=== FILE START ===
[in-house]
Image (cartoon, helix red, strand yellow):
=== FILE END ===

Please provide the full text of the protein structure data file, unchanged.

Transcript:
[in-house]
Image (cartoon, helix red, strand yellow):